An inlet 36 concentrically mounted to the interior of the lid area of the cup-shaped housing 34 serves to guide the hollow shaft 22. A sleeve 38 which is sealed off against the inlet 36 and against a top element at the housing lid 26 via 0-rings 40 and 42 shields the stator winding 32 against the flowing medium. The pressurized areas of the control element consisting of the pump wheel 24 and the hollow shaft 22 are selected such that they have the same'size and permit a pressure balance.
FIG. 2 shows a position of the mixing valve having an integrated circulation pump where the forward flow of the boiler is connected to the forward flow of the heater and the addition of the′ back flow of the heater is separated. This position is achieved by the excitation of the stator winding 32′ alone; thereby, the rotor 30 is drawn into the same, so that the lower end of the hollow shaft 22 releases the unhindered access of the forward flow of the boiler to the pump wheel 24 and the perforations 28 are situated on a level where no connection with the back flow of the heater is established any more.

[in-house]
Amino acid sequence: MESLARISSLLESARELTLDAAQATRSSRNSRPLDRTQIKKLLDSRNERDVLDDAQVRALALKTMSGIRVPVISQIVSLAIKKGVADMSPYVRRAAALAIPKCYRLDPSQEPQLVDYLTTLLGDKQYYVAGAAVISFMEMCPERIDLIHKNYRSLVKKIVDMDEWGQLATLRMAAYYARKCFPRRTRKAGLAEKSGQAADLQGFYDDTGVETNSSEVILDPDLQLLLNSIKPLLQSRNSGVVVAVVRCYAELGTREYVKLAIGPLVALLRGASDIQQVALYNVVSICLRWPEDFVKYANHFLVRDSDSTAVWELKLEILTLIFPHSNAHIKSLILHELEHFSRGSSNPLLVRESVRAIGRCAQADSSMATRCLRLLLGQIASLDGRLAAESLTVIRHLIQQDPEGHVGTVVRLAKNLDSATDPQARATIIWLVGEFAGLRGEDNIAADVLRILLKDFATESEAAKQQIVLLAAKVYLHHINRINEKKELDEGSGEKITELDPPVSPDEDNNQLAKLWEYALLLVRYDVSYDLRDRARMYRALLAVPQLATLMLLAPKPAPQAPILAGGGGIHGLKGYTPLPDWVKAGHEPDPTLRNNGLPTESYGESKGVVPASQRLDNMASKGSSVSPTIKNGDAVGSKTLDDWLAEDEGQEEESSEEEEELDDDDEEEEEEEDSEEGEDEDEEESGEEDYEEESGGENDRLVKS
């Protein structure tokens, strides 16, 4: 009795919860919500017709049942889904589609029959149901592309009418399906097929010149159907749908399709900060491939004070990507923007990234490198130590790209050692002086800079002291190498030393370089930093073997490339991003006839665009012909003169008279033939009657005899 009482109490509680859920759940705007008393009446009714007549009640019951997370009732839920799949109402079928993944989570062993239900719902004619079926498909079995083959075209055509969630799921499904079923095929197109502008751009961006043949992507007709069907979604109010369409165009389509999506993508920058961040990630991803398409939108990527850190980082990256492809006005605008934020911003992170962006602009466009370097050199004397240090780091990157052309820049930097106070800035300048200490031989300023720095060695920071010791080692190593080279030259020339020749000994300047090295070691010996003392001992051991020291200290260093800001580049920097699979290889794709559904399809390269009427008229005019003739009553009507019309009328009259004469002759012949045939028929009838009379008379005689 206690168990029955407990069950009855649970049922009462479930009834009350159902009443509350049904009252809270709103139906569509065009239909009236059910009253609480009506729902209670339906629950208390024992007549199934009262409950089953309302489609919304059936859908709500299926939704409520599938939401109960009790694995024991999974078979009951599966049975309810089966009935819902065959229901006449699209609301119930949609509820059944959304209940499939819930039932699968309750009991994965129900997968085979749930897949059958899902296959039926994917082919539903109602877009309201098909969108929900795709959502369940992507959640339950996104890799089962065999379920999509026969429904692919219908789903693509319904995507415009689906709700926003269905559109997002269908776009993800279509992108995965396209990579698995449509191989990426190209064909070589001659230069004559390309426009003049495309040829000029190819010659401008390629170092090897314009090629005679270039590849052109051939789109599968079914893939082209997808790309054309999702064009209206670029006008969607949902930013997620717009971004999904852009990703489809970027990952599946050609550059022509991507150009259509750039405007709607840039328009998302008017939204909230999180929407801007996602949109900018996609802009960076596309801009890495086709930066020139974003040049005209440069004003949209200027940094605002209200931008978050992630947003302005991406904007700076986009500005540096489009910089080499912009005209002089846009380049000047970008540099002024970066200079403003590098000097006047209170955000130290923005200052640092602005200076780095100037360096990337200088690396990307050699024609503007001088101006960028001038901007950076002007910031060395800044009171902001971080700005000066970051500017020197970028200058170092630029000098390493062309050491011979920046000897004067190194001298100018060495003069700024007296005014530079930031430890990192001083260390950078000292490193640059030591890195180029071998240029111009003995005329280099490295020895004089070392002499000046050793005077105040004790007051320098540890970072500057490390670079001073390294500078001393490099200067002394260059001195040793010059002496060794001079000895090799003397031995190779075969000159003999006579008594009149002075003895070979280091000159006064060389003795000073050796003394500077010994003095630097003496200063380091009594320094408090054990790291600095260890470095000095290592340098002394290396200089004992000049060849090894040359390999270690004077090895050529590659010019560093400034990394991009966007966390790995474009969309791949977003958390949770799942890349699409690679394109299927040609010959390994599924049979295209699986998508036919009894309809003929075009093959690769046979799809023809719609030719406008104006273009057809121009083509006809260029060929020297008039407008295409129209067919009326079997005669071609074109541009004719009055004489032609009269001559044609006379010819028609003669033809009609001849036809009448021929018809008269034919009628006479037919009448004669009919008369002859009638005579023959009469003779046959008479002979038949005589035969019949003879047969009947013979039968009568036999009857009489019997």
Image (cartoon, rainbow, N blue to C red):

FIG. 3 shows the position of the mixing valve having an integrated pump, in which the forward flow of the boiler as well as the back flow of the heater are connected to the forward flow of the heater. This position is achieved by the excitation of both stator windings 32′ and 32″ whereby the rotor 30 takes up a central position, so that the lower end of the hollow shaft 22 allows the partial access of the forward flow of the boiler and the perforations 28 are situated on a level at which a connection with the back flow of the heater is at least partially established.
The further embodiment of the invention shown in FIGS. 4 to 6 shall only be described in so far as it differs from the embodiment shown in FIGS. 1 to 3. The same components are provided with the same reference signs; a “1” has been placed in front of functionally modified components, and new components have been provided with separate reference signs.
According to FIG. 4, the stator 132 of the motor comprises three stator windings 132′, 132″ and 132′″ arranged one above the other, the rotor 30 being adapted to take up different positions by the separate or joint excitation of the stator windings 132′, 132″ and 132′″, as this was also the case for the embodiment according to FIGS. 1 to 3.